Three quarters of the 78 people who responded to questions about the pop-up cycle lane were opposed to the measure with 67% strongly opposed.

The primary areas of concern was that it was felt the bollards left insufficient space for vehicles to make room for emergency service vehicles, particularly those accessing West Middlesex Hospital. Increased congestion on Twickenham Road was also raised and several respondents noted that the removal of bus lanes and stops for buses to pull over caused traffic to build up behind buses, as there is insufficient space for vehicles to overtake.

Other comments of concern included :reduced accessibility for patients and visitors to West Middlesex Hospital; the cycle infrastructure being unnecessary, or not being used; safety concerns for both drivers and cyclists; reduced air quality; and the placement of bollards making it difficult to turn on to, and off, Twickenham Road.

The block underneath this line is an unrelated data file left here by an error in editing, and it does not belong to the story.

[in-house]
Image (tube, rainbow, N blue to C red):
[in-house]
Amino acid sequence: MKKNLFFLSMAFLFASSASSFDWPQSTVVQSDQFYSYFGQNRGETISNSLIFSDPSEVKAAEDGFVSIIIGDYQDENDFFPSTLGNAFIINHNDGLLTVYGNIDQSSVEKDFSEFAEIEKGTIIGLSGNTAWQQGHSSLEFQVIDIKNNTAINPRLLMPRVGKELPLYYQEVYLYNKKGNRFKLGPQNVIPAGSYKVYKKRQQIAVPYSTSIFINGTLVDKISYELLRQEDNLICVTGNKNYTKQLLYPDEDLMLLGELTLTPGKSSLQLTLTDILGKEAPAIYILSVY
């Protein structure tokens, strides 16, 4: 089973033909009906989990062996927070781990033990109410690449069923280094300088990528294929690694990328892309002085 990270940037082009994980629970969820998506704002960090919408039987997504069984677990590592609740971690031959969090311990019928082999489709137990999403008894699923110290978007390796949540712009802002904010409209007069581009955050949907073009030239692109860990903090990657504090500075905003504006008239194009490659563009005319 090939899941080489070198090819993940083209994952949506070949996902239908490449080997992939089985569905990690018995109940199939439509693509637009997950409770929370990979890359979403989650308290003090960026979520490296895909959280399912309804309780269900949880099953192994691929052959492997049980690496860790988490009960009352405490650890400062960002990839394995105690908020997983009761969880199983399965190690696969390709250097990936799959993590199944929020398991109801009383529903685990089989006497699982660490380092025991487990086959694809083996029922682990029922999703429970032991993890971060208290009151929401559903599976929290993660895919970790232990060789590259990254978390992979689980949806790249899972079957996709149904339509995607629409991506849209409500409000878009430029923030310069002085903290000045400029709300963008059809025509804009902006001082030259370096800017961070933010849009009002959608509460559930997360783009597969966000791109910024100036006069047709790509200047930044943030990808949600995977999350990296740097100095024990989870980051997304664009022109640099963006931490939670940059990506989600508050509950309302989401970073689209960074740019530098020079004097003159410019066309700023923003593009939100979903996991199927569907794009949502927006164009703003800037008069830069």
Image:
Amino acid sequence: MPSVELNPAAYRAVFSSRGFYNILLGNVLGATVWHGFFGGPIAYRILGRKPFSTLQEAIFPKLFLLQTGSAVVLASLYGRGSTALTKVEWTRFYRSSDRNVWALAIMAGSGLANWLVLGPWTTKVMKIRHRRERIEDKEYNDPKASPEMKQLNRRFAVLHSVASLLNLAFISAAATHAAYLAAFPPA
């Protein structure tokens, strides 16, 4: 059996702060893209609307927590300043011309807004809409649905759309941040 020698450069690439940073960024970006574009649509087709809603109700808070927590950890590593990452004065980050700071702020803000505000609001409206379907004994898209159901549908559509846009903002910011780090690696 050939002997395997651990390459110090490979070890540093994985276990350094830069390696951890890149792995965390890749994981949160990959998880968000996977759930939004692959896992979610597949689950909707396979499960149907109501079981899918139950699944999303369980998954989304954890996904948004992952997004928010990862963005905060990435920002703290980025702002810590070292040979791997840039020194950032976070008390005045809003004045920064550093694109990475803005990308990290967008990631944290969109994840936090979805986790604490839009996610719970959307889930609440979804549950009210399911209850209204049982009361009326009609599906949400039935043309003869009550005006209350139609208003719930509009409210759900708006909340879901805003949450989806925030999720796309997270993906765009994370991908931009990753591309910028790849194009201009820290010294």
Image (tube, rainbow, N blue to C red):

Of the 131 people who responded specifically about the Amhurst Garden’s restrictions, 91% were opposed with 84% strongly opposed. The primary area of concern was increasing congestion on surrounding roads, notably Twickenham Road and London Road. Other issues raised were air quality, restricted access to medical facilities and issues for children travelling to school.

Similar reasons were put forward by the 86% of 37 people responding who were opposed to the nearby Teesdale Avenue restrictions. The Teesdale Gardens restriction was slightly less unpopular with 71% of 42 respondents opposed.

A spokesperson for the Hounslow Cycling Campaign said, “We support measures to reduce traffic on Green Dragon lane in Brentford as this is a popular cycling route from Ealing to Brentford and the pop-up cycle lane on Twickenham Rd Isleworth and will be going through the details in the reports for these and all the other schemes to inform our views.”

The final review for the scheme will be published in July 2021, along with decisions about which schemes will be made permanent.


Like Reading Articles Like This? Help Us Produce More

This site remains committed to providing local community news and public interest journalism.